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No matter NCAA tournament chances for Arizona, this year matters

Losing to the Oregon Ducks on Saturday was a chilling reality check for the Arizona Wildcats.

Reality is that the Wildcats don't have the talent advantage they had with players like Derrick Williams, Chase Budinger and Jordan Hill. Nick Johnson has promise, Josiah Turner has light-years to go, and there's nothing talent-wise about Arizona's current roster that makes them a scary opponent for any team they'll face from here on out.

Reality is also that the Wildcats' roster lacks any sort of personality that could take them from good to great.

Is that something that Sean Miller can build in what remains of this season?

For sure, Arizona hasn't closed games well. Bruce Pascoe writes in the Arizona Daily Star that missing Williams in games decided by five points or less was a huge blow. But it's also a matter of why Miller's club was even in a deadlock with the Ducks coming down the stretch.

Prior to the final minute, where the Wildcats revealed their worst phase of being a three-faced team on Saturday, Arizona punched back after finding itself down by double-digits for half of the game.

Slow starts have and still are the killer for Arizona, and it's because this is a team without a substantial personality. Even the dearly-missed Williams was a cool, SoCal-born presence, but he gave Arizona a spark with his play. Covering the leadership responsibilities was Momo Jones, who as I wrote months ago would be sorely missed.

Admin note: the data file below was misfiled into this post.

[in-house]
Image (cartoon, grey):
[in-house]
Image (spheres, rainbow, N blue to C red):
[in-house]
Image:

Simply put, Arizona doesn't have the player to verbally will his teammates out of a daze, nor do the Wildcats have the players with the skill to single-handedly avoid a double-digit deficit -- hence the lackadaisical first half.

And more than halfway through the season, it's questionable what else could come out of this Arizona team. Losing games in the Pac-12 is killer in the eyes of the NCAA tournament committee, and maybe with a few more losses we can resign to a failed season and begin looking toward the brighter future of next year.

But what should and still can change this season comes in how the culture grows in the locker room, regardless of wins or losses. Because waiting until next year for expected success would be a mistake.

How far the character of this year's team develops will be a sign of how many expectations next year's team deserves. Remember, a No. 1 overall freshman class doesn't mean much these days -- saviors in college basketball only come in once-in-a-decade type players like Williams.

Hype for next year should be measured in how the returning players mature as leaders and goal-oriented basketball players. Sean Miller's culture in the locker room is ever-developing, and to see Arizona fall flat should their NCAA tournament dreams be dashed would be a scary scenario, even with next year's talent coming in.